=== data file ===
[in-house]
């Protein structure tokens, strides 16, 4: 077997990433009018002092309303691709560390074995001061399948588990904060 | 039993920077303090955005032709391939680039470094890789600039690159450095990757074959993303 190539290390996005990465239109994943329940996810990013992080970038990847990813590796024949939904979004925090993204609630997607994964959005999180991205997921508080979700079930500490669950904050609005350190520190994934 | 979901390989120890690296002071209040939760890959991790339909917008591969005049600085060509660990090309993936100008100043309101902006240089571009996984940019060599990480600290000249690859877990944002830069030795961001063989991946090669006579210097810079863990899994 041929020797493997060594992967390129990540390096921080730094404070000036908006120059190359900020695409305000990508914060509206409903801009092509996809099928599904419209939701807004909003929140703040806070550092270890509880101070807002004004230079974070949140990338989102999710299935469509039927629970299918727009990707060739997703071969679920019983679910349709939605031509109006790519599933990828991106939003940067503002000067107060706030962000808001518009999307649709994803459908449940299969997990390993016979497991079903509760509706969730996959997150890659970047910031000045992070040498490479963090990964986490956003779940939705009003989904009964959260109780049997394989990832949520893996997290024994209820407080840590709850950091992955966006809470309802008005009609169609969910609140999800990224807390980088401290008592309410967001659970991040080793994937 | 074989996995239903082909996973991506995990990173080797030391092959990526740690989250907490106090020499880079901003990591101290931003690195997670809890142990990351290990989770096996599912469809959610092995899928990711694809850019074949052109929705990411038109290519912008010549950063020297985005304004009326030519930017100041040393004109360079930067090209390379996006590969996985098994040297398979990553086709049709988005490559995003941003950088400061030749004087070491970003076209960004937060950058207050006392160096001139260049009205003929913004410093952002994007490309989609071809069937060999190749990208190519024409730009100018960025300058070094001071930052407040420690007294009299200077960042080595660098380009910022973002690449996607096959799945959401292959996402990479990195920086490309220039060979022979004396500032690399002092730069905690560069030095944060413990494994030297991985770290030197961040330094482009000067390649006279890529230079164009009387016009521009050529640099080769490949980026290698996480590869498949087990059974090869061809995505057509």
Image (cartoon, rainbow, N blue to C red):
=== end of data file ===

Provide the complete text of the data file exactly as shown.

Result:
[in-house]
């Protein structure tokens, strides 16, 4: 077997990433009018002092309303691709560390074995001061399948588990904060 | 039993920077303090955005032709391939680039470094890789600039690159450095990757074959993303 190539290390996005990465239109994943329940996810990013992080970038990847990813590796024949939904979004925090993204609630997607994964959005999180991205997921508080979700079930500490669950904050609005350190520190994934 | 979901390989120890690296002071209040939760890959991790339909917008591969005049600085060509660990090309993936100008100043309101902006240089571009996984940019060599990480600290000249690859877990944002830069030795961001063989991946090669006579210097810079863990899994 041929020797493997060594992967390129990540390096921080730094404070000036908006120059190359900020695409305000990508914060509206409903801009092509996809099928599904419209939701807004909003929140703040806070550092270890509880101070807002004004230079974070949140990338989102999710299935469509039927629970299918727009990707060739997703071969679920019983679910349709939605031509109006790519599933990828991106939003940067503002000067107060706030962000808001518009999307649709994803459908449940299969997990390993016979497991079903509760509706969730996959997150890659970047910031000045992070040498490479963090990964986490956003779940939705009003989904009964959260109780049997394989990832949520893996997290024994209820407080840590709850950091992955966006809470309802008005009609169609969910609140999800990224807390980088401290008592309410967001659970991040080793994937 | 074989996995239903082909996973991506995990990173080797030391092959990526740690989250907490106090020499880079901003990591101290931003690195997670809890142990990351290990989770096996599912469809959610092995899928990711694809850019074949052109929705990411038109290519912008010549950063020297985005304004009326030519930017100041040393004109360079930067090209390379996006590969996985098994040297398979990553086709049709988005490559995003941003950088400061030749004087070491970003076209960004937060950058207050006392160096001139260049009205003929913004410093952002994007490309989609071809069937060999190749990208190519024409730009100018960025300058070094001071930052407040420690007294009299200077960042080595660098380009910022973002690449996607096959799945959401292959996402990479990195920086490309220039060979022979004396500032690399002092730069905690560069030095944060413990494994030297991985770290030197961040330094482009000067390649006279890529230079164009009387016009521009050529640099080769490949980026290698996480590869498949087990059974090869061809995505057509």
Image (cartoon, rainbow, N blue to C red):